AstraZeneca and Lilly establish clinical trial collaboration in solid tumours

31st May 2015 (Last Updated May 31st, 2015 18:30)

British-Swedish drugmaker AstraZeneca has established a clinical trial collaboration with Eli Lilly and Company to assess the safety and preliminary efficacy of its investigational anti-PD-L1 immune checkpoint inhibitor MEDI4736 in combination with ramucirumab (Cyramza), Lilly’s VEGF Receptor 2 antiangiogenic cancer medicine.

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British-Swedish drugmaker AstraZeneca has established a clinical trial collaboration with Eli Lilly and Company to assess the safety and preliminary efficacy of its investigational anti-PD-L1 immune checkpoint inhibitor MEDI4736 in combination with ramucirumab (Cyramza), Lilly's VEGF Receptor 2 antiangiogenic cancer medicine.

The planned Phase I study will evaluate the combination as a treatment for patients with advanced solid tumours.

Developed by AstraZeneca's global biologics research and development arm MedImmune, the MEDI4736 is an investigational human monoclonal antibody directed against programmed cell death ligand 1 (PD-L1).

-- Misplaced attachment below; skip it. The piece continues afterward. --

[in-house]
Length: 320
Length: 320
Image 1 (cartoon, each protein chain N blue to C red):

Ramucirumab is a vascular endothelial growth factor (VEGF) Receptor 2 antagonist, which specifically binds and blocks activation of VEGF Receptor 2 by blocking the binding of VEGF receptor ligands VEGF-A, VEGF-C, and VEGF-D.

AstraZeneca global medicines development immuno-oncology head Robert Iannone said: "MEDI4736 is supported by a comprehensive development programme and is emerging as a cornerstone of our combination-focused immuno-oncology pipeline targeting multiple tumour types."

The trial will establish the safety and a recommended dosing regimen, with the potential to open expansion cohorts in various tumours of interest, for the combination of MEDI4736 and ramucirumab.

Lilly will sponsor the trial while other details, including financial terms were not disclosed.

Lilly oncology product development and medical affairs senior vice-president Dr Richard Gaynor said: "The development of immune checkpoint inhibitors has been one of the more exciting research advancements in recent oncology history, but it is going to be even more interesting to see how these inhibitors can be combined with other proven targeted therapies."


Image: AstraZeneca's R&D Site in Mölndal, Sweden. Photo: courtesy of Erik031.